OPINION: Unable to understand handstand ban
COMMENT BY KATHY SUNDSTROM: IS IT any wonder Australia has an obesity problem in children when kids are not allowed to do normal, spontaneous play at schools?
Perhaps of more concern to some out there is how long can Australia expect to excel at sports when the only activity kids will be allowed to do at school is play on their tablets?
Peregian Springs State School is probably no exception in advising parents under "no circumstances" are children
allowed to do handstands and cartwheels in schools unless supervised by someone "trained".
You'd probably find the policy is the same across most schools on the Sunshine Coast and the reasoning behind it is sound - understandably they are fearful of being sued.
But at what point is some government going to brave enough to say "enough is enough" and draw the line between litigation and common sense.
Children need to play, handstands and cartwheels are part of that, and sometimes, they need to get hurt.
No parent, me included, wants this to happen.
But I've always said to my kids that I would rather we all "die young and exploring than be old and boring".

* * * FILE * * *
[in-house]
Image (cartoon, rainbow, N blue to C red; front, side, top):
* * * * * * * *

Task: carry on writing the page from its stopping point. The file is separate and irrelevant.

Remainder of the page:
As I am writing this, my own husband is sitting in hospital after surgery on his broken leg - gained playing soccer with the kids at Moreton Island.
It's a real bugger that I am going to have to drive him around for six weeks, never mind the fact that he is injured.
However, I am glad he got injured having fun.
I feel the same for my children.
They have to live life and that is not something that can or should be experienced virtually.
At some point, governments and schools are going to be accountable for the psychological and physical harm they are doing our kids by not letting them have spontaneous fun.
Boredom is such a problem among teens, as is depression and the links
between the two and lack of exercise isn't rocket science. They are self-explanatory.
The only winners in this litigious western society are the lawyers. Surely there is some way we can legislate against too much litigation?
Or surely at some point parents should be able to have the choice whether they send their kids to school, or cotton-wool school.